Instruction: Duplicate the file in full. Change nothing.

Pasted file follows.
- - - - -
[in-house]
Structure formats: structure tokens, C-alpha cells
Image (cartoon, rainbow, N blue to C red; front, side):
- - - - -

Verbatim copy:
[in-house]
Structure formats: structure tokens, C-alpha cells
Image (cartoon, rainbow, N blue to C red; front, side):